The Importance of Play
Blue Oak School recognizes what biologists, neuroscientists, and anthropologists confirm, that play is so much more than fun. At Blue Oak we provide our students ample opportunity for developmentally appropriate play, both structured and free, which inevitably results in authentic situations that promote social competence and resilience. Related to play, at Blue Oak we also emphasize the importance of being in the out-of-doors as a critical element in our students’ physical and emotional health.
There is a profound wisdom in the exhortation, “go out and play!”
Increasingly children’s play has become scheduled and controlled by adults – we save time at Blue Oak for free play. Also, while we are always attuned to our students’ safety, we recognize that low-stakes conflicts that arise in play provide all-important opportunities for children to practice their skills of negotiation and compromise. This is what psychologist Madeline Levine so eloquently calls the “blessing of a skinned knee.”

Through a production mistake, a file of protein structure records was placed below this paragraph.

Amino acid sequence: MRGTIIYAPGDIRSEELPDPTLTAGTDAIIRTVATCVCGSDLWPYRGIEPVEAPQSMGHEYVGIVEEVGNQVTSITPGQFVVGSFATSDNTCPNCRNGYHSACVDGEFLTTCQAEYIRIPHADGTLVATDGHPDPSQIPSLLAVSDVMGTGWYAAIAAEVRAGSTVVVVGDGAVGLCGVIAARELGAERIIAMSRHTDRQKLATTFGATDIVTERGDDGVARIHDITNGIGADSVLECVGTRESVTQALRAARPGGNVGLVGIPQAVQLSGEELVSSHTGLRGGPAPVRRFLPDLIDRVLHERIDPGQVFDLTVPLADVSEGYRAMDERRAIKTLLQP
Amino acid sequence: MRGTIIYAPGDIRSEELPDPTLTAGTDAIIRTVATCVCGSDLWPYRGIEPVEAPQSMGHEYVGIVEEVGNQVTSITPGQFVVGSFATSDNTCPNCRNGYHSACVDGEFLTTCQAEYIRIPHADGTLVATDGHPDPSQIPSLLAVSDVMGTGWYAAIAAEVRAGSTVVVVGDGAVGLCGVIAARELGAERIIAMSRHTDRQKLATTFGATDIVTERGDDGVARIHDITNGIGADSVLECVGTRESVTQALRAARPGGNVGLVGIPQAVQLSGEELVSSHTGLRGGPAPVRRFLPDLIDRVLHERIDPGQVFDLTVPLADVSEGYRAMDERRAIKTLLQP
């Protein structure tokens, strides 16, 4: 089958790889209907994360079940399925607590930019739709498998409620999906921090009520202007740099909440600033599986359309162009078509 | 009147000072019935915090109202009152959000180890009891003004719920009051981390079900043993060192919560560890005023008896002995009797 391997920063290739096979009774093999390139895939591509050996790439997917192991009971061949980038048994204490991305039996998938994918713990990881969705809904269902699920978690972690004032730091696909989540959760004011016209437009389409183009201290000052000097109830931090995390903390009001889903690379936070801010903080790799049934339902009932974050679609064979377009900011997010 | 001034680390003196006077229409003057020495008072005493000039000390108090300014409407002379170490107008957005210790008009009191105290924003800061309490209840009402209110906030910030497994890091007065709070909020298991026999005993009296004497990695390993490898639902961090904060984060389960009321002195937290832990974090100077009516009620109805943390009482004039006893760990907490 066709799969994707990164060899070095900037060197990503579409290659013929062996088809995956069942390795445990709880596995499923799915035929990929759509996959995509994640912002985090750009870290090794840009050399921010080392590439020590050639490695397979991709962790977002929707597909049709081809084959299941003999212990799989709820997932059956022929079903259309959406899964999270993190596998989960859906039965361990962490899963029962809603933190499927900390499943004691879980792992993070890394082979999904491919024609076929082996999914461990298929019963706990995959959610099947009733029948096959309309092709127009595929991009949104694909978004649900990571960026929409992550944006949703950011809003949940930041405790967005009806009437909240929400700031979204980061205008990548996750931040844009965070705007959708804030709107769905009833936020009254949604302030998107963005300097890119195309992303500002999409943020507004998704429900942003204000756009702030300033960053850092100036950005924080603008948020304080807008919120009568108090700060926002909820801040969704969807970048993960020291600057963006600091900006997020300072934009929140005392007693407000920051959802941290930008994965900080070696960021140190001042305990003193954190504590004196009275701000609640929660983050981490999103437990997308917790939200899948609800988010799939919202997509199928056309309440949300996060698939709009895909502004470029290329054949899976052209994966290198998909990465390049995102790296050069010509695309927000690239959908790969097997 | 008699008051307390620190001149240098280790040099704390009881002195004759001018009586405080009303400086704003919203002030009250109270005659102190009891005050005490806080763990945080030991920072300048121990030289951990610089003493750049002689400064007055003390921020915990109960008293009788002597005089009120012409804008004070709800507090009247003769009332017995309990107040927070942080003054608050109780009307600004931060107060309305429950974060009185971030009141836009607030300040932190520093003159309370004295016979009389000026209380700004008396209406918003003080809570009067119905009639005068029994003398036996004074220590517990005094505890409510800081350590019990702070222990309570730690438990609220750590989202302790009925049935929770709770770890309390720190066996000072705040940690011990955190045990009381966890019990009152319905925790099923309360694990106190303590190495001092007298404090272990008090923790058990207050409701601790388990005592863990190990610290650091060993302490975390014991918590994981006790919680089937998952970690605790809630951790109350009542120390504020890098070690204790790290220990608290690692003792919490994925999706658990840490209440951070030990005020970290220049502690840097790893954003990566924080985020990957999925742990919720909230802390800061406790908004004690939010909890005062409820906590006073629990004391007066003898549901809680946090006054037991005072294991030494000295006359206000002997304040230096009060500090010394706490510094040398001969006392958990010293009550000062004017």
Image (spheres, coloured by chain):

At Blue Oak we also value free play as it provides students the time to imagine. It is not unusual to find our Lower School students busily at work at recess building fairy houses, digging elaborate boat channels in the sandbox, and imagining they are a pack of horses. We take pride that our students maintain their sense of imaginative play at our Middle School, where our students fill the playground with elaborate ball games of their own invention.
Teachers observing structured and free play often gain insight into the personalities of classes and growth in individual development. These new understandings immeasurably help teachers interact with each student as an individual, an essential element of progressive education.